Prof Alec Salt — Wind Turbines Can be Hazadous to Human Health

Alec N. Salt, Ph.D., Cochlear Fluids Research Laboratory, Washington University in St. Louis

Large wind turbines generate very low frequency sounds and infrasound (below 20 Hz) when the wind driving them is turbulent. The amount of infrasound depends on many factors, including the turbine manufacturer, wind speed, power output, local topography, and the presence of nearby turbines (increasing when the wake from one turbine enters the blades of another). The infrasound cannot be heard and is unrelated to the loudness of the sound that you hear.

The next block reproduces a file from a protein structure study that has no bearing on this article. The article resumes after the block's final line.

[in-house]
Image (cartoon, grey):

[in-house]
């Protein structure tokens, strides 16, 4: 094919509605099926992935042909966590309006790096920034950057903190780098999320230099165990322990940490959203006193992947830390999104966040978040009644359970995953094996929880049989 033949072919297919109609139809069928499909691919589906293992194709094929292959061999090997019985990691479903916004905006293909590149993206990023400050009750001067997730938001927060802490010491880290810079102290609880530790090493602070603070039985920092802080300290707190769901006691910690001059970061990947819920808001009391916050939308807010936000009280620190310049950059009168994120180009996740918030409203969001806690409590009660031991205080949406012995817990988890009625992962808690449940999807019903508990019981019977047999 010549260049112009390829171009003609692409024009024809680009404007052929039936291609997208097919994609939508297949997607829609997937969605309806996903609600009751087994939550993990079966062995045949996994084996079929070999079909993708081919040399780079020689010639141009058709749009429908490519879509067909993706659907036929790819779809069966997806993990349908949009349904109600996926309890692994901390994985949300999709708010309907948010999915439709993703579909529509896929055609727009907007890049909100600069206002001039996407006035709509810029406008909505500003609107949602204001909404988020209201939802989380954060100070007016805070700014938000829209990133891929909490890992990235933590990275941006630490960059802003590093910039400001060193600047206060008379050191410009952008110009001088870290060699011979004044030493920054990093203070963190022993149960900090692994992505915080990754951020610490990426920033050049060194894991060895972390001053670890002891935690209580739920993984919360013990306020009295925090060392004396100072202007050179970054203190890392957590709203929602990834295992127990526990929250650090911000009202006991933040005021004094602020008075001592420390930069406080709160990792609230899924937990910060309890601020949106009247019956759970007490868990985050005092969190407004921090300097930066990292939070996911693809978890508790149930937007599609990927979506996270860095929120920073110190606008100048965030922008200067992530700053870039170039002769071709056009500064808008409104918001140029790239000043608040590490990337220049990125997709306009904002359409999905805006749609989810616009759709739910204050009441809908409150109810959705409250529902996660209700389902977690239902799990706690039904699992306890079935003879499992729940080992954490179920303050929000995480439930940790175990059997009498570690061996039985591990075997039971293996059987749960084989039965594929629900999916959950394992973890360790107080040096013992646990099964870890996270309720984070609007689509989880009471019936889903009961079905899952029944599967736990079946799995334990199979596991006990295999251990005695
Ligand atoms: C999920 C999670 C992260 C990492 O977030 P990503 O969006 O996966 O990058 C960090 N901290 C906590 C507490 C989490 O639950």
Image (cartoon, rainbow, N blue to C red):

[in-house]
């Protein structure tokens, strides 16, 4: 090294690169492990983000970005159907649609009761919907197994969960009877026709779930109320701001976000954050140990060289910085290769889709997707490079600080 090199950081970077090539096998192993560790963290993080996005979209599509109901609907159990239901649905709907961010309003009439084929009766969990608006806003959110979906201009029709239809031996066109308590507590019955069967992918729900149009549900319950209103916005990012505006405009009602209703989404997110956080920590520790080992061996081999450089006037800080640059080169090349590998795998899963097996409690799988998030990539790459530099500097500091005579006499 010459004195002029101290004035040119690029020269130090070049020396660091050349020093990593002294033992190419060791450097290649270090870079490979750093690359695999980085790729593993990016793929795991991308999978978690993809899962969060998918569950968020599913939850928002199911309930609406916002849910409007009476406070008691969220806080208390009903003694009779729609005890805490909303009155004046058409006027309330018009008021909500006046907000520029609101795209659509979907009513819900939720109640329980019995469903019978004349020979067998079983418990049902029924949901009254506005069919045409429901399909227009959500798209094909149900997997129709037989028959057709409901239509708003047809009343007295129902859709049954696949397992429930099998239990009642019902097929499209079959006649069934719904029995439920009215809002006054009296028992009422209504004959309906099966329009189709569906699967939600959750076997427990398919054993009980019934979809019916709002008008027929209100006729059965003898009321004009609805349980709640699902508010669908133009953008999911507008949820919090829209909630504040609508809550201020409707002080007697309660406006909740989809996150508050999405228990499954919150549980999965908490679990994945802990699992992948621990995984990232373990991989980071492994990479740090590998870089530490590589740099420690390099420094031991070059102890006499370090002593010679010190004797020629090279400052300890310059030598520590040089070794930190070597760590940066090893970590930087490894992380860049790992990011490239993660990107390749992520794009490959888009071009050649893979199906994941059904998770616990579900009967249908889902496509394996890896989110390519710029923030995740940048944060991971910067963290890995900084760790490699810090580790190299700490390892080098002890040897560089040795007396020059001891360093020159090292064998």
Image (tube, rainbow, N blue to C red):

To clarify, maximum stimulation of the ear with infrasound will occur inside your home, because the audible sound of the turbines is blocked by the walls of the house, but infrasound readily passes through tiny openings. Similarly, sleeping with one ear on a pillow will block audible sound to that ear but will not block the infrasound. In either case, the infrasound will be strongly stimulating the ear even though you will not be able to hear it.

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